By Katie Dahlstrom
The city has spent more than $660,000 in the legal malpractice lawsuit stemming from the EMS billing case and has altered the way some of its attorneys will be paid.
On Tuesday, members of the Clinton City Council approved a contingency contract with Chicago law firm Hannafan and Hannafan, one of two firms representing the city in the case. The other firm is Gosma, Tarbox and Associates out of Davenport, which will continue to be retained for the lawsuit.
The contract will alter the way Hannafan and Hannafan is paid from an hourly rate to a contingency. Rather than be paid their hourly rate, Hannafan and Hannafan would receive 25 percent of what the city receives through a trial or settlement. If the verdict in the suit was not in the city’s favor, Hannafan would receive nothing.
With the trial not scheduled until Sept. 30, City Attorney Jeff Farwell explained the contingency fee contract will be a better financial deal for the city.
“Recently, given some of the city’s financial issues, I went back and asked them if they would be willing to convert it to a contingency fee arrangement,” Farwell said.
The firm will still be paid for travel expenses and other case-related expenses such as court reporters.
The city filed suit last March against its former attorneys, Hopkins & Huebner, P.C., claiming that the firm negligently failed to properly and adequately analyze a 2010 Emergency Medical Services billing case.
As a result of this alleged negligence, the city in 2010 entered into a settlement agreement with the U.S. Department of Justice and whistleblower Timothy Schultheis that will require the city to pay $4.5 million over the course of 10 years. The city also paid more than $160,000 in legal fees leading up to the settlement. The lawsuit seeks $3 million in damages.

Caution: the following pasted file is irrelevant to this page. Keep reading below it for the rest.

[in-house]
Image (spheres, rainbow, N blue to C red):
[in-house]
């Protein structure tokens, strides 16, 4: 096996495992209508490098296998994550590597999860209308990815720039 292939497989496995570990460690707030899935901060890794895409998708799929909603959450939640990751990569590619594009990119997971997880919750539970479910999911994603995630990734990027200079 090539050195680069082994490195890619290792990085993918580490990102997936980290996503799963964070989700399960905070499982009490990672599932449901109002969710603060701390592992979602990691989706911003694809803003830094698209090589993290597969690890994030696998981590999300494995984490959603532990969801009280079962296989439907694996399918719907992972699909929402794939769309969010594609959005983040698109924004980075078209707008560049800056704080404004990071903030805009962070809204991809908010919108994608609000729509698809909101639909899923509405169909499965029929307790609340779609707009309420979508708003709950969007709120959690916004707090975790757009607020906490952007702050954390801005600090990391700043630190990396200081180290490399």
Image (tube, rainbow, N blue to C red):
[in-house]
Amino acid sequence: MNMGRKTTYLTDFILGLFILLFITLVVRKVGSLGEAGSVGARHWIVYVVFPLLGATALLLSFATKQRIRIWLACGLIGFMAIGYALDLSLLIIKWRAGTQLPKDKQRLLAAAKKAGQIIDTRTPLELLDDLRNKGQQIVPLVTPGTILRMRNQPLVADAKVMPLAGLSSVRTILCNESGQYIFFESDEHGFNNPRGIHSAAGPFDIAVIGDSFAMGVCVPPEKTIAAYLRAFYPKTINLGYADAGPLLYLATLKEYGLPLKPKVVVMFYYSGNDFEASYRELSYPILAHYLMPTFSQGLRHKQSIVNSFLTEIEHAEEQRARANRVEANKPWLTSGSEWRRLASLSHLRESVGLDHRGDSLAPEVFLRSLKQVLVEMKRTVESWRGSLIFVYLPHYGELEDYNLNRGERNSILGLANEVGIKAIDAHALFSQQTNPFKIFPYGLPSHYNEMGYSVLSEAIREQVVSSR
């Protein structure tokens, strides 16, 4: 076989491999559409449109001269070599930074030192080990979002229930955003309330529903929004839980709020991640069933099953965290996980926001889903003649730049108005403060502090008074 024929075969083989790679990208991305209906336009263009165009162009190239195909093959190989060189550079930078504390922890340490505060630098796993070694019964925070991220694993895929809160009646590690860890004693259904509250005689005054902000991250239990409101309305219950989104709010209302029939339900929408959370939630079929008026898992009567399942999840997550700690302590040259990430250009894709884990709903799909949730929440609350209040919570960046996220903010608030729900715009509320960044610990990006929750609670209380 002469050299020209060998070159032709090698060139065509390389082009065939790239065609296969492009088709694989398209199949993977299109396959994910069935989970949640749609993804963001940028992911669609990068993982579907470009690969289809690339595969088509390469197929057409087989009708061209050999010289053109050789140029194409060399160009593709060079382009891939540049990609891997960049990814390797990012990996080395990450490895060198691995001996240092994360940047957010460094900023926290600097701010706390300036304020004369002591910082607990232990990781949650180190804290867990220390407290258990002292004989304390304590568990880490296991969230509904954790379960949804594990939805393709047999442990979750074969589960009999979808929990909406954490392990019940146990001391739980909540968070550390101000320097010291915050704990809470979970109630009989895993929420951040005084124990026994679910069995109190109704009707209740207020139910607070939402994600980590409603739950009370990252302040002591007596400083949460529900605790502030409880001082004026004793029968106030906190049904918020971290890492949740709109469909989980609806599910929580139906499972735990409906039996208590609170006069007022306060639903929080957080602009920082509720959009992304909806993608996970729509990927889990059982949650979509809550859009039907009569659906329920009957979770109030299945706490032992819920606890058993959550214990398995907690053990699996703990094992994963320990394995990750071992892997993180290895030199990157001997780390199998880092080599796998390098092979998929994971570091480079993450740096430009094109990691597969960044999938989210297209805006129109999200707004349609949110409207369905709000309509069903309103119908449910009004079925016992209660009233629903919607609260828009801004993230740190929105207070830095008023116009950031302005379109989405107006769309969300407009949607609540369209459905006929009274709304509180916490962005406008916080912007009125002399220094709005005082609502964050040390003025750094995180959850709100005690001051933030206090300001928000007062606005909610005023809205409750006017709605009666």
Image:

According to city finance documents, the legal malpractice suit has cost the city $663,536 since the firms were hired last year. To date, the city has paid Hannafan and Hannafan $506,779; Gosma, Tarbox and Associates $87,024; expert witness and whistleblower consultant Ronald Clark $59,463; and Herring Reporting Services $10,270
Ed O’Neill during the public comment section of the meeting pointed out that the city made payments to Hannafan and Hannafan in 2011 and March 2012 before the council officially hired them to represent the city in the legal malpractice suit on March 6, 2012.
Those payments were for $7,500 on March 15, 2011, $4,538 n Sept. 6, 2011 and $25,000 on March 5, 2012.
When asked after the council meeting, Farwell said Hannafan did an investigation into the legal malpractice suit before the city officially hired the firm. However, he could not comment on whether those specific payments were related to the investigation.
At-large Councilman John Rowland cast the dissenting vote against the contingency contract.